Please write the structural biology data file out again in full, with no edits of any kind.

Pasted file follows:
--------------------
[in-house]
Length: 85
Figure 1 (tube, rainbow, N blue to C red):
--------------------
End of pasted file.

[in-house]
Length: 85
Figure 1 (tube, rainbow, N blue to C red):